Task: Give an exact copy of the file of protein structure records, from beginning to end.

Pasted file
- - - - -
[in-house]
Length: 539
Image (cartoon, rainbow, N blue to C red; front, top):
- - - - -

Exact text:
[in-house]
Length: 539
Image (cartoon, rainbow, N blue to C red; front, top):